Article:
The Bangladeshi War Crimes Investigation Agency, the official investigatory body of the Bangladeshi International Crimes Tribunal (ICT), submitted a report to the ICT on March 25, 2014, on the alleged crimes of the Jamaat-e-Islami (Jamaat) as a political party during the 1971 Liberation War. If the ICT pursues charges against Jamaat as an organization, the case would be the first since the Nuremburg Trials to try an entire organization for war crimes and crimes against humanity. While the Bangladeshi government expanded the jurisdiction of the ICT in a 2013 amendment to allow for the prosecution of entire organizations, some have claimed that the ICT lacks the authority to impose any type of punishment on organizations.

Jamaat is the largest Islamist party in Bangladesh. During the 1971 War, the party opposed Bangladeshi independence from Pakistan by collaborating with Pakistani military and committing atrocities against Bengali nationalists, intellectuals, and the Hindu minority. The ICT has already tried and convicted nine leaders of Jamaat for leadership roles in the 1971 War, in which up to three million Bengalis were killed and a systematic gender-based violence campaign resulted in the rape of up to 400,000 women and children. Despite its role in the War, Jamaat remained an active political party in Bangladesh. In 2013, however, the Bangladeshi government withdrew registration of Jamaat, prohibiting the party from participating in the highly contested 2013 parliamentary elections. The Bangladeshi Supreme Court justified de-registration for three reasons:  Jamaat denies that the Bangladeshi people are the source of law-making; it is a sub-faction of an international organization; and it discriminates along religious and gender lines. Additionally, in the verdict against Ghulam Azam, the ICT said that Jamaat “intentionally functioned as a ‘Criminal Organization’ especially during the War of Liberation of Bangladesh in 1971.”

The Investigation Agency’s report alleges that the Jamaat party aided the Pakistani army and participated in war crimes and crimes against humanity, including genocide and mass rape during the 1971 War. Officially, the Investigation Agency is pushing for seven counts against Jamaat under Section 3(2) of the Act. The Agency expects the Prosecution to charge Jamaat, as an organization, with (i) crimes against humanity, (ii) genocide, (iii) war crimes, (iv) violation of any humanitarian rules applicable in armed conflicts laid down in the Geneva Conventions of 1949, (v) any other crimes under international law, (vi) attempt, abetment or conspiracy to commit any such crimes, and (vii) complicity in or failure to prevent commission of any such crimes. The Agency hopes that the ICT will completely ban the party and order the confiscation of party property.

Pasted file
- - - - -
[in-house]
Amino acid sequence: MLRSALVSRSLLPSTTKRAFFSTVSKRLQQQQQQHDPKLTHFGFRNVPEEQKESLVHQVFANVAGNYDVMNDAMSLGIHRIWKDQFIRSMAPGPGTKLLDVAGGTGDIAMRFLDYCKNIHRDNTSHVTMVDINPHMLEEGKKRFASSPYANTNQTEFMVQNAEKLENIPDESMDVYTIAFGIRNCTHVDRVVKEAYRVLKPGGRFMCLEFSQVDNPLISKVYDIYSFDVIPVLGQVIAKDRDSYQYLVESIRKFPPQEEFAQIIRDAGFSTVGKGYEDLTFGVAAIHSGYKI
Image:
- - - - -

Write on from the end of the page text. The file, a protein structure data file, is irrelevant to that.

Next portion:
In addition to undemocratic concerns, critics of trying the Jamaat argue that there is no statutory justification in the amended International Crimes (Tribunals) Act that would permit the ICT to impose any penalty on the organization. While the original International Crimes (Tribunal) Act of 1973 authorized the Bangladeshi government to establish the ICT, there was no authorization to try an entire organization. However, since the 2013 Amendment inserted the word “organization” into Section 3(1) of the Act, supporters of the report argue that pursuant to Section 3(1), the ICT has jurisdictional reach over organizations and can bring war crimes and crimes against humanity charges enumerated in Sections 3(2)(a) and 3(2)(d). In response, Jamaat supporters argue that even if the 2013 Amendment permits the ICT to try organizations, the ICT cannot punish organizations. Sections 20(1)-20(3) empower the Court to impose the death penalty as a maximum sentence for convicted individuals, but are silent on the ability to impose punishment on organizations. Supporters of the potential trial, in contrast, maintain that Section 20 of the Act permits the ICT to impose any type of punishment at its discretion. Moreover, Section 39 of the Bangladeshi General Clauses Act defines “person” as “any company or association or body of individuals, whether incorporated or not.” Using this definition, supporters of the report have argued that the ICT has the capacity to impose the suggested punishments.

The move to ban Jamaat as a political organization comes in light of substantial international criticism of the ICT. International NGOs and other national governments have welcomed the ICT, but have expressed concerns regarding protections for the defendants and witnesses and fears that the trials were politically motivated. Additionally, Bangladesh has passed constitutional amendments to Articles 47(3) and 47(A) of the Constitution that, respectively, prevent the accused at the ICT from challenging the constitutional validity of any law and strip those accused by the ICT of many specific constitutional protections that are guaranteed to other Bangladeshi citizens. The constitutional amendments, coupled with a variety of troubling aspects of the ICT Rules of Procedure, have led some commentators to claim that fundamental problems with the ICT violate the fair trial protections enshrined in Article 14 of the International Covenant on Civil and Political Rights.